Cuba is a source country for adults and children subjected to sex trafficking and forced labor. Child prostitution and child sex tourism reportedly occur within Cuba. Cuban citizens have been forced into prostitution outside of Cuba. There have been allegations of coerced labor, particularly with Cuban work missions abroad. Some Cubans working abroad have stated that postings are voluntary and well paid; however, others have claimed that Cuban authorities have withheld their passports and restricted their movements. The scope of trafficking involving Cuban citizens is particularly difficult to gauge because of the closed nature of the government and sparse non-governmental or independent reporting.
The Government of Cuba does not fully comply with the minimum standards for the elimination of trafficking and is not making significant efforts to do so. The government did not respond to requests for data on prosecutions of sex trafficking and forced labor or on trafficking-specific victim protection and prevention efforts that occurred during the reporting period. Governments that do not provide such data, consistent with the capacity of governments to obtain such data, are presumed by the Trafficking Victims Protection Act not to have made significant efforts to address human trafficking. The Government of Cuba has taken steps to share information about its general approach to protection for children and youth, and showed willingness to cooperate with another government on a child sex tourism investigation during the reporting period.
Recommendations for Cuba: Prohibit sex trafficking of all persons under the age of 18; in partnership with trafficking victim specialists, ensure adults and children have access to specialized trafficking victim protection and assistance; take measures to ensure identified sex and labor trafficking victims are not punished for unlawful acts committed as a direct result of being subjected to sex trafficking or forced labor; recognize that human trafficking occurs in Cuba and publicize measures to address human trafficking, specifically forced labor and sex trafficking prosecution data, trafficking victim protection efforts, and trafficking prevention measures; ensure that coercion and other indicators of forced labor are not present in Cuban work-abroad missions; and accede to the 2000 UN TIP Protocol.
The Government of Cuba did not report on its efforts to prosecute trafficking offenses that occurred during the reporting period. The government maintained that unlike other countries, sex trafficking of children or other forms of child exploitation does not exist in Cuba. Cuba appears to prohibit most forms of human trafficking through various provisions of its penal code; however, the use of these provisions could not be verified, and prostitution of children age 16 and older is not prohibited, leaving those children particularly vulnerable to sex trafficking. The government did not share official data for the reporting period relating to Cuban investigations, prosecutions, and convictions of trafficking offenders, including any officials complicit in human trafficking. The government provided information on general legal protections for children and adolescents in Cuba but did not report any information about current efforts to address human trafficking within Cuba. The government did not report any specific anti-trafficking training provided to officials in 2012.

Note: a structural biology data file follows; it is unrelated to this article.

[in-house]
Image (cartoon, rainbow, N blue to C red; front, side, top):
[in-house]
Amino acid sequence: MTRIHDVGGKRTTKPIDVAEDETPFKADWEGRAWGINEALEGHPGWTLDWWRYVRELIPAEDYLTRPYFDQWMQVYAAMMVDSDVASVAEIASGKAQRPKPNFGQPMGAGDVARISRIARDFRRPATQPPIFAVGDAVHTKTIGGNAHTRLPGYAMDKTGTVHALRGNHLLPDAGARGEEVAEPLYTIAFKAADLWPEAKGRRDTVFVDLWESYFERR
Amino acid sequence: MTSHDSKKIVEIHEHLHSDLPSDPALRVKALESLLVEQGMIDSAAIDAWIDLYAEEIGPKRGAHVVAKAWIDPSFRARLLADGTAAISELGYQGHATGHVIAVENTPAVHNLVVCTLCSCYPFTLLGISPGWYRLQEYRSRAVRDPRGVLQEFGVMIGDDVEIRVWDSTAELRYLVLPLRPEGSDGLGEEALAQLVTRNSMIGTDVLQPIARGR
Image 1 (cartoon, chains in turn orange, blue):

The government did not publicize official data on protection of trafficking victims during the reporting period. The government did not report any trafficking victim identifications or procedures in place to guide officials in proactively identifying trafficking victims among vulnerable groups—such as persons in prostitution—and referring them to available services. Reportedly, the government operated three well-regarded facilities for the treatment of children who have been sexually and physically abused. In addition, the government operated a nationwide network of shelters for victims of domestic violence or child abuse, but the government did not verify if trafficking victims received treatment in these centers. The government provided no evidence that it encouraged trafficking victims to assist in the investigation and prosecution of trafficking offenders. The government did not report on the existence of any policies to ensure that identified trafficking victims were not punished for crimes committed as a direct result of being subjected to human trafficking.
The government did not report any specific anti-trafficking prevention efforts that occurred during the reporting period. The government was not known to have implemented any public awareness campaigns to prevent forced labor or forced prostitution, though the government reported that the prevention of human trafficking should be a priority for all countries. The government did not report the existence of an anti-trafficking taskforce, anti-trafficking action plan, or monitoring mechanism. Transparency was lacking in the government’s trafficking-related policies and activities; it did not report publicly on its efforts. The government reported that sex tourism in Cuba is forbidden and the Ministry of Tourism’s security and protection division has taken measures to combat child sex tourism, but did not report on the specifics of these measures. The government showed willingness to cooperate with another government on a child sex tourism investigation during the reporting period. Cuba is not a party to the 2000 UN TIP Protocol.